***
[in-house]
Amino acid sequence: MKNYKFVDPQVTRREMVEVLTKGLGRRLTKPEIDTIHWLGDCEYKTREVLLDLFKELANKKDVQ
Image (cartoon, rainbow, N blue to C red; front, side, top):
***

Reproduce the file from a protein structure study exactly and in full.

[in-house]
Amino acid sequence: MKNYKFVDPQVTRREMVEVLTKGLGRRLTKPEIDTIHWLGDCEYKTREVLLDLFKELANKKDVQ
Image (cartoon, rainbow, N blue to C red; front, side, top):